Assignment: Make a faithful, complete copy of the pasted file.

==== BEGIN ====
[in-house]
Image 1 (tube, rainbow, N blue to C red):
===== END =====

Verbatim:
[in-house]
Image 1 (tube, rainbow, N blue to C red):